ANU painting postgraduate blog

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Back at my desk…brain reconnecting…

Hi all,

So I am back, and have been catching up with PGs hearing that the Theory Intensive was a great success. This is wonderful, and just as it should be!  Thanks to all of you who contributed to making it such a rewarding week.

While away I happened to hear on Radio National an All in the Mind programme with Iain McGilchrist discussing his work on the relations between the two hemispheres of the brain. It was a very interesting interview and I think directly relevant to our concerns in exploring the nature of the creative mind/body. You can hear it on the “All in the mind” site on the ABC Rad Nat website and you can download the introduction to his book “The Master and his emissary” which i believe will be available here in October.

Highly recommended!!!

see you all soon, Ruth

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July 6, 2010 - Posted by | Uncategorized

2 Comments »

  1. Thanks for the link Ruth, I found the interview useful in thinking about the act of painting and my obsession with levels of involvement and detachment within process. Iain McGilchrist makes a simple statement about attention regarding his analysis of left and right brain function, “it’s the nature of attention determines what it is we find, and equally what we find determines the appropriate kind of attention to pay to it.” There are all sorts of compulsions in the process of making a painting that may be operating and I was very interested to find him referring to relational and broad social right hemisphere function and detached and precise individualist left hemisphere function.
    I thought this large quote might be useful on the blog,

    “Well of course I agree that things are contextual and there’s no absolute truth but unfortunately in postmodernism this often comes to mean there is no truth at all. There is nothing out there actually beyond the sort of paintings on the wall of the inside of our mind. And that seems to be very much more like what the left hemisphere sees, and in fact the products of the art of modernism and postmodernism bear striking resemblances to what the world looks like to people whose right hemisphere is not working very well.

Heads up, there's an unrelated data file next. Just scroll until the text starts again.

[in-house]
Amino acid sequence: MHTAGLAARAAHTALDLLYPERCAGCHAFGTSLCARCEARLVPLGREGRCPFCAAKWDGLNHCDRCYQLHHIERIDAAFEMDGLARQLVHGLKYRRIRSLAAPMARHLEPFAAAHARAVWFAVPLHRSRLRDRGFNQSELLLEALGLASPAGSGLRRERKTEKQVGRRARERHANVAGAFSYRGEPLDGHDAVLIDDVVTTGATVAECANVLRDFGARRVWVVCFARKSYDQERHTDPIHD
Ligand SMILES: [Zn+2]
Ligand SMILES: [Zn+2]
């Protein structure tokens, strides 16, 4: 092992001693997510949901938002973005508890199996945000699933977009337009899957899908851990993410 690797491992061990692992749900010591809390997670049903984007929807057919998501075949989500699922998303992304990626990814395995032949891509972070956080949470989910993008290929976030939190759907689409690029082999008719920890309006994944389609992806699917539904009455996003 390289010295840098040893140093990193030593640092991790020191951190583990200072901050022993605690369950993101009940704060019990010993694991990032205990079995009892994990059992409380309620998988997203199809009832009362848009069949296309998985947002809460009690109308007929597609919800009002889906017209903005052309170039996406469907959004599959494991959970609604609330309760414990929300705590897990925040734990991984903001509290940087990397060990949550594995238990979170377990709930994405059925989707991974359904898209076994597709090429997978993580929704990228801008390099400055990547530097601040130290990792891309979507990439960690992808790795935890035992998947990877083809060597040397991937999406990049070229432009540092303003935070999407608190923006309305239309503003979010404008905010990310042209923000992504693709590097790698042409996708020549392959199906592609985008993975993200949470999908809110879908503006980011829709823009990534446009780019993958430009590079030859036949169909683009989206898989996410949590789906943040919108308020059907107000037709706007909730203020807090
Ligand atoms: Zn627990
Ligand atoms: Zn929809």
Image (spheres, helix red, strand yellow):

That was something that was first pointed out indirectly by a marvellous book by Louis Sass, an American psychologist who wrote a book called Madness and Modernism in which he draws extensive parallels between the phenomena of modernism and postmodernism and of schizophrenia. Deficits of the right hemisphere present a world in which the literal triumphs over the metaphorical, things taken out of context triumph over their meaning in a context, particularly a social context, and the sense of connectedness to others — empathy and so forth is lacking and the world appears to be a heap of fragments and one can see that in the sometimes wonderful but bizarre and exotic artistic productions of people with schizophrenia.”

    I am left wondering about my own brain, its superstitious understanding of phenomena particularly within the bubble of my painting practice and phd project. I relished becoming embedded within a whole community of superstitious minds (Western Arnhem Land). Superstition really is a relational interpretation of perception.

    Comment by Vanessa Barbay | August 29, 2010 | Reply

  2. Would you like to expand on your final paragraph?

    Comment by liz | October 4, 2010 | Reply


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